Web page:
The review, published in the British Journal of Nutrition, looked at nine randomised control trials with the primary outcome of protein synthesis - or fractional synthetic rate - and the secondary outcomes of lean body and leg lean mass.
The researchers from the Zhejiang University in China found that muscle protein fractional synthetic rate after intervention significantly increased in the leucine group compared with the control group. However, no difference was found between the groups in relation to lean body mass or leg lean mass.
“In conclusion, we found that ingestion of leucine significantly increased the muscle protein fractional synthetic rate in elderly individuals, and thus may be of benefit to address sarcopenia [the degenerative loss of skeletal muscle mass] in this population,” they wrote.
The researchers recommended long-term or acute supplementation of the amino acid leucine to achieve these results, suggesting this could be an effective way of compensating for the blunted response to amino acid ingestion in the elderly and normalising the postprandial response of muscle protein synthesis.
Leucine can have an impact on muscle mass in several ways including by acting as a building block for protein synthesis and as a nutritional signal which stimulates protein synthesis.
“The effect of leucine on muscle protein metabolism is complex, as it influences both muscle protein synthesis and degradation, and this complexity may confound study findings,” the researchers wrote.
For example, one study not included showed leucine (0.14 grams per kilograms of body weight over a seven hour period) in healthy subjects resulted in decreased protein degradation by about 35%. Several other studies have shown a significant increase of around 35–50% in this rates in healthy males after the administration of amino acids including leucine. Meanwhile others have not detected an effect at all.
The researchers said results could differ according to the amount of leucine administered, the time of administration and the population studied.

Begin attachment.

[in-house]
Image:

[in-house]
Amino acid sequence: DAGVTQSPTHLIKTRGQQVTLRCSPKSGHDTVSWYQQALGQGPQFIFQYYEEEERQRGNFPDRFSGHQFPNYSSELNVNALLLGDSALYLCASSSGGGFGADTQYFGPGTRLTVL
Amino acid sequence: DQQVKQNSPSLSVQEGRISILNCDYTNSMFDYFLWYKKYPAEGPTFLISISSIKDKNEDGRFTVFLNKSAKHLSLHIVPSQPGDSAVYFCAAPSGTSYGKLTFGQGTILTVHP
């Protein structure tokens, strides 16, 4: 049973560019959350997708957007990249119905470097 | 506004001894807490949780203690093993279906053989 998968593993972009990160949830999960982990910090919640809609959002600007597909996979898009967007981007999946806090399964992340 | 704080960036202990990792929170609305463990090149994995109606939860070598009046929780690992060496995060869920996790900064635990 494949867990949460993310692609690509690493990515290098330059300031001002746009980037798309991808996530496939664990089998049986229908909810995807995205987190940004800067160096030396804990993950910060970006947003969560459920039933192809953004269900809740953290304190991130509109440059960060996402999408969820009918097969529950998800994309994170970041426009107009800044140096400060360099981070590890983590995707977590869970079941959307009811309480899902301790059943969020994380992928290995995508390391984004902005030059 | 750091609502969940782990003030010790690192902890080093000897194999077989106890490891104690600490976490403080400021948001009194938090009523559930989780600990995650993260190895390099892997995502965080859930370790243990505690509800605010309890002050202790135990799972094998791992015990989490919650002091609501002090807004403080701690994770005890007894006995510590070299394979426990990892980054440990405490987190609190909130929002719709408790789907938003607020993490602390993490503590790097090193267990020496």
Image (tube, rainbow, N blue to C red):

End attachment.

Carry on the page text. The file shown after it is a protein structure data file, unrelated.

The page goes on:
Five of the studies included in the review used long-term dosing (ten days) and four had short-term dosing (eight hours). It has been suggested that how long leucine is administered for could influence results, but since one of the short-term studies found an improvement in the muscle protein fractional synthesis rate they suggested that this was not the only influencing factor.
The longest study included in the meta-analysis was three months, and the researchers said the long-term effect of leucine on muscle mass were still not clear.
The researchers said the different effects of leucine supplementation in elderly subjects could be explained in several ways.
“One idea is consistent with the ‘anabolic threshold concept’, suggesting that in elderly people, changes in key signalling pathways and changes in catabolic factors and oxidative stress may have negative effects on amino acid or insulin signalling pathways that play a role in the stimulation of muscle anabolism after food intake.”
These changes may lead to ‘anabolic resistance’ of muscle, meaning a higher level of stimulation is needed to retain protein.
Another idea, not mutually exclusive, was that the muscle becomes ‘full’ when exposed to persistent levels of amino acid.
Source: British Journal of Nutrition
113, pp 25-34. doi:10.1017/S0007114514002475
“The effectiveness of leucine on muscle protein synthesis, lean body mass and leg lean mass accretion in older people: a systematic review and meta-analysis”
Authors: Z. Xu, Z. Tan, Q. Zhang, Q. Gui and Y. Yang